My Mission

Raising our children as our partners in our home and on our planet, bringing sufficiency and fulfillment for everyone, with no one left out.

 
IMG_20160922_183305+New.jpg

Our children, in the beginning, want nothing more than for us, their parent(s), to be happy and successful.

Seeing how our young children learn to respond to us the way they do gives us immediately effective new choices. And by implication, since we once were young children, we also see why we now respond the way we do, frequently missing out on unconsidered new responses. Understanding behavior from this new and unique view results in more open and more effective family communication between all ages, and eliminates parental guilt, confusion, and a sense of powerlessness. Daily satisfaction and fulfillment increase for all, and our children become more helpful and cooperative without our nagging, cajoling, bribing, or threatening.

Small Local Meetups

We discuss whatever issues, frustrations, and concerns that attendees bring to the table. Free.

Held locally at Pinhole Coffee (Cortland and Bonview Sts) and at The Laundry (26th & Capp Sts).

Sign up for notifications —>

The BGP Curriculum - A four-part curriculum designed to cover the basics in understanding the hows and whys of human behavior, including stories, discussion, and mock-ups from parents. This assists parents in avoiding future relational issues that they may encounter throughout their parenting lives (i.e., dealing with as well as becoming an opinionated grandparent!).

Sign up for notifications —>

Special Topics Online

Online: Blog for parenting, articles, video talks of value for understanding your child's motivations, examining your own, and nurturing a cooperative partnership - a win-win on all levels, in all areas.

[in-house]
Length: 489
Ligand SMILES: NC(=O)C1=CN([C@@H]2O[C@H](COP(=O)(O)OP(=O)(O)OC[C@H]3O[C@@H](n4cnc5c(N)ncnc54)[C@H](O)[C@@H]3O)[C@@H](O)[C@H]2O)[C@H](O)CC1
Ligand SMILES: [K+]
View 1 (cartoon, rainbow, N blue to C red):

What Others Say … —>

About Marty Dutcher —>


Here are some top common concerns: Big 3 issues —>

Parenting for Partnership is all about resolving these and many more.

Small group discussion, exploration of sources of behavior, meaning, and partnership.

Small group discussion, exploration of sources of behavior, meaning, and partnership.

This is not about being a better parent or having better-behaved children (though it may seem that way). It is about freedom to be ourselves, about open and honest dialogue that builds trust, and about early human learning and then practicing extraordinary social skills as partners. It is about mistakes becoming learning opportunities rather than correcting or coaching opportunities (unless asked for).

It is never too late. It is never too soon. But starting sooner is faster and heads off future misunderstandings.

How soon would you want to see more meaningful communication, feel more appreciation, have more cooperation, or increase playfulness?

Our world is in our hands, as are our children’s - we can impact both much earlier and much more than we think.

Fortunately, and not accidentally, the ideal practice field for global fulfillment and sufficiency is our own family. We parents are leaders, like it or not, and our very young children are born to follow and provide instant feedback. This relationship can and will likely will begin to break down or grow, depending on how we see, and thus relate to, each other under all circumstances.

What to do is an easily solved problem. Those resources are available. But how to do it? That makes all the difference. That takes some time, some new thinking, some new action. You can start now.

Special Topics Live

Imagination and play, all about tantrums and other upsets, motor/mobility skill excellence, school and schooling issues and concerns, separations and transitions, and others by request.

Graduate Sessions

Small group discussions and demonstrations to amplify and accelerate results you want. Mini-classes on specific activities - from imagination, art, reading, math in ways that assure natural and dynamic learning practice (and consistent with how our human brain works!).

More Details of Curriculum—>

Details of Beyond Good Parenting - The Art & Science of Learning, Behavior, and Partnership, by Martin Dutcher —>